The other day I read a post on Facebook from a friend who said that the real elephant in the room isn’t censorship. It is that the average person has been stealing music, movies and software for years and nobody wants the free buffet to end. The concept that all ‘knowledge should be free’ is absurd. While it is noble that Wikipedia remains ad-free, its founder Jimmy Wales pleads for donations totaling $16 million annually. The world needs to get reacquainted with the concept that we all win when everyone is compensated for their hard work and creativity.
Google already censors sites they deem objectionable for content such as pornography, racism and political protests. They even blocked The Pirate Bay in 2009 and then backpedaled after some criticism. Their problem with the Stop Online Piracy Act (SOPA) is not whether content on the web is blocked, it is over who does it: them or our democratically elected officials.
Last week Google distributed a Goebbels-worthy propaganda cartoon that gathered four million signatures protesting SOPA in one day. I would be hard pressed to believe that many of those folks actually read the bill before falling in suit. This did not demonstrate the power of the Internet, but that of one organization. Shortly thereafter, Barack Obama made a public announcement against the bill. This is contrary to the president’s previous commitment to remain neutral due to the fact that his two largest supporters, Hollywood and Silicon Valley, are diametrically opposed on this issue. I don’t think I need to be a psychic detective to predict the direction of his fundraising strategy for the 2012 election. Maybe the argument should not be about limiting the power of our government or even that of one massive corporation. Perhaps we should focus on stopping them from becoming one and the same.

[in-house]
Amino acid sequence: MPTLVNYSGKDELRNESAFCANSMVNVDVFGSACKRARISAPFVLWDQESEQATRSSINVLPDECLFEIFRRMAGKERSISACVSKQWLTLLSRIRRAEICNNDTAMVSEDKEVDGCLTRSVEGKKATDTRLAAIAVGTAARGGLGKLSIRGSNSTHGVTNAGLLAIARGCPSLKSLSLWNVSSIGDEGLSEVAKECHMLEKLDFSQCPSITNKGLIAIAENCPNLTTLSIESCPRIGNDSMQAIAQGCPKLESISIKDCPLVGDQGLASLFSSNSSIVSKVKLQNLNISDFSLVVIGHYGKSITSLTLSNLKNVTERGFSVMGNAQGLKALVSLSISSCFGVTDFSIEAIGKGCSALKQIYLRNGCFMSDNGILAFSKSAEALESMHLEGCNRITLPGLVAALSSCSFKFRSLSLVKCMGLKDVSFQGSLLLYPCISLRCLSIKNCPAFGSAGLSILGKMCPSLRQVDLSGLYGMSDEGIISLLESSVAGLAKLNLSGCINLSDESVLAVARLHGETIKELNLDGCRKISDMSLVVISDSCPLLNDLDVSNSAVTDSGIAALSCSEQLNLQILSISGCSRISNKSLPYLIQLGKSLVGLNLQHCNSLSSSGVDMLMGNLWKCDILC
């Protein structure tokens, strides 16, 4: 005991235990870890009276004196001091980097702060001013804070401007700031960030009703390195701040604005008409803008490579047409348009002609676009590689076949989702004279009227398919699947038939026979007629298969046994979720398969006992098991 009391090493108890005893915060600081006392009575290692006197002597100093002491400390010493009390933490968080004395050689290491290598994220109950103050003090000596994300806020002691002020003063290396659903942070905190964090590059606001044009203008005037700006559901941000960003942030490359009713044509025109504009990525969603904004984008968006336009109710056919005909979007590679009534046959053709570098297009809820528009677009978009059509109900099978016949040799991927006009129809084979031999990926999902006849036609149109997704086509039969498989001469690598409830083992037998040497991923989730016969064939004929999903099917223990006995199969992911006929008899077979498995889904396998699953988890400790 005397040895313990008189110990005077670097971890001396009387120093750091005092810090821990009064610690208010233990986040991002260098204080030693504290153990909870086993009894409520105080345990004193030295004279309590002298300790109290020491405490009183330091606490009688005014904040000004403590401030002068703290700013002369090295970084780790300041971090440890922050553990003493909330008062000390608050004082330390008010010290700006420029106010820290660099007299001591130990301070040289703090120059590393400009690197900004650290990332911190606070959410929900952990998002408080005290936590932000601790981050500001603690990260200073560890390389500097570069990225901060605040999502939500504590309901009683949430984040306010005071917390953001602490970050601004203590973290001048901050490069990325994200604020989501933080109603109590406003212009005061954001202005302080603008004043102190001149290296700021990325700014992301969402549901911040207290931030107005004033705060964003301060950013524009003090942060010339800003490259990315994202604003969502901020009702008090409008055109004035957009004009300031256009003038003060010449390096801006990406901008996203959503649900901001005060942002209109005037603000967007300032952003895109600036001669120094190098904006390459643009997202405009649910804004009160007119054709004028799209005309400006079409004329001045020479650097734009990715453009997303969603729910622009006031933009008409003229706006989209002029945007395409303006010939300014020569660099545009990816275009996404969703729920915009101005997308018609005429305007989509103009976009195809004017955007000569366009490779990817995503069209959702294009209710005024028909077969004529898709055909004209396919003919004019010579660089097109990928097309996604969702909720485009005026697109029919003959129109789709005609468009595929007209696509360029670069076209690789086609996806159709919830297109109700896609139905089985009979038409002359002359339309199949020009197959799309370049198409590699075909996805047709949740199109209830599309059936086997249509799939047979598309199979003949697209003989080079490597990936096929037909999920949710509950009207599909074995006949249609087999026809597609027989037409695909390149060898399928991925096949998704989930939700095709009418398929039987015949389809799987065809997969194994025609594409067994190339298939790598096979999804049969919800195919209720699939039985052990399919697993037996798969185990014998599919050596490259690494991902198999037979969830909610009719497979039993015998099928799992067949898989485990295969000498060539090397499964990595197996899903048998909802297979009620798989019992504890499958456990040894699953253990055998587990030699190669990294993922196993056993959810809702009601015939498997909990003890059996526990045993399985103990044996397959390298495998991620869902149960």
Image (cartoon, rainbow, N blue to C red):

Now I’m going to finish my coffee…
Imagine a world where all of the world’s creative works are reduced to ones and zeros and the control of that art is in the hands of a few tycoons. A world where those same few Wall Street companies have enough money, influence and power to force all creators to work for free. That time is now.
Beginning midnight on Wednesday January 18th, 2012 a few popular websites shut down for 24 hours as a planned protest of the Stop Online Piracy Act and Protect IP Act known as SOPA & PIPA, respectively. In fact, one protester’s website says “Imagine a World Without Free Knowledge.” Reducing my creative works to ‘knowledge’ or ‘data’ that can be commoditized is so Skynet.
Some people spend their entire lives creating that one toy, one song, one book, one clothing accessory. Their legacy. In most cases, this creation is the only property of value they will have to pass onto future generations. Only to have some tycoon call it ‘information’ and re-purpose it for their own profit. A creative work is not mere ‘knowledge’. It’s a human creation. Someone’s child.
This Ain’t a Movie…